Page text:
Leverage Sunday: The Nigerian Job by John Rogers & Chris Downey: Creating a Community

Setting up a community isn’t easy; getting that many people on the page or screen and keeping them all individualized while combining them into a unit normally takes some time, a slow build so that the reader or viewer can get to know each member as the team gradually bonds. Some series–Person of Interest and Arrow, for example–do this over many episodes, adding one member at a time. And then there’s Leverage, a show that dropped five loners into the first episode, fused them into a unit, and never stopped running. The pilot for the series is a great tutorial on how to create a team very quickly while individualizing all its members. Continue reading

The Romance Contract


I’ve been e-mailing with Pam Regis, Argh’s Academic in Residence, about the romance contract, the agreement that romance writers make with their readers. From Pam’s first e-mail:

The unspoken contract in romance fiction is that the parties to the courtship will end up together. They’ll overcome whatever barriers there are to that ending-up-together and commit to each other. For most of the genre’s history, the outward sign of that commitment was marriage–no longer a requirement, although still quite common.

Continue reading

Arrow Thursday: Protagonists

Since my obsession with Arrow doesn’t seem to be abating, I’m going to put up a post the day after the show airs for the rest of this season. I’ll try to talk about writing craft, but sometimes you just have to say, “Oliver, you dumbass, you deserve everything you’re going to get for that.” But first, this:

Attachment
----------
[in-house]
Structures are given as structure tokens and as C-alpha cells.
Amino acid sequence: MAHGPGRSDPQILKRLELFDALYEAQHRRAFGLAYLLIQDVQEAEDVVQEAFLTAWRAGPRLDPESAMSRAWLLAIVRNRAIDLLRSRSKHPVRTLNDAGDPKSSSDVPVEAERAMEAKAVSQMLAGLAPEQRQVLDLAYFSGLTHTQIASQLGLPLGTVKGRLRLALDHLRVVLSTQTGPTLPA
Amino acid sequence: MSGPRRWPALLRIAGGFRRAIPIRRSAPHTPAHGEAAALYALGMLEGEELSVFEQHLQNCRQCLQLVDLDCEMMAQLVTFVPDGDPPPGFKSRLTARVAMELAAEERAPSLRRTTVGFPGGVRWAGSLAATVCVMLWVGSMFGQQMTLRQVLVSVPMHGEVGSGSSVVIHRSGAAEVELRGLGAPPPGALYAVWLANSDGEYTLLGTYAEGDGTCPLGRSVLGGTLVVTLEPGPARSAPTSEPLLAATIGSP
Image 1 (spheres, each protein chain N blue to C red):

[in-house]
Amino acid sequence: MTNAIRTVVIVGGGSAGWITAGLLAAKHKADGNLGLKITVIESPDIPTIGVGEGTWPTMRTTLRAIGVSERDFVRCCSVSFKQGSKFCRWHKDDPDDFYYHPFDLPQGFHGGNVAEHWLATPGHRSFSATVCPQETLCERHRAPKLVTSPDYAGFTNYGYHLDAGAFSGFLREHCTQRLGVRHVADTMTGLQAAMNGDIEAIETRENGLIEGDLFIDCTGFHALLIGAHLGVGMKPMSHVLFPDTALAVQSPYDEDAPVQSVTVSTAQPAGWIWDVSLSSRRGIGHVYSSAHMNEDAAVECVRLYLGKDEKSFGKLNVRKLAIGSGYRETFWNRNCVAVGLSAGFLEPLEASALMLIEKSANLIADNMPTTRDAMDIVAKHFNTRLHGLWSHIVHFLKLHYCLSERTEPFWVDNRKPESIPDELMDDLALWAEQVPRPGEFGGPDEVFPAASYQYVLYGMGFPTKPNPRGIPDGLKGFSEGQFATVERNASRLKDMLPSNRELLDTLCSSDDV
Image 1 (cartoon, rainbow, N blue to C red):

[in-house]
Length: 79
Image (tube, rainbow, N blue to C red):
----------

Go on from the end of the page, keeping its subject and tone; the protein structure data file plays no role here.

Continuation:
Community Rules: Treat everyone with courtesy and respect. Do not say somebody is wrong, say “I respectfully disagree.” Any comment that refers to anyone in a derogatory way is going to get trashed. Any comment in a sarcastic, snide, or demeaning tone will be trashed even faster. Any comment that refers to Oliver as a man-whore is okay.

Of course, the show isn’t coming back until Feb. 26, so maybe this is a good time to look at some of the major aspects of the story in general. Like, say, Our Protagonist, Oliver Queen. Continue reading

Questionable: Saving a Dead Book

Kate asked:

“I’m writing a story I really, really loved when I wrote the first draft. But now I’ve let so many people influence how I write it that it isn’t mine anymore. All the shine has gone off it. (This has actually happened to two books, but one I know how to fix.) I want the original back. The story I was excited about, the one that entertained me, but I’m whenever I think of looking at it again I get
this yuck feeling in my stomach and I end up playing scrabble instead.

Do you have a method for reclaiming a story that you might have over edited or changed in ways that killed it for you?”

Continue reading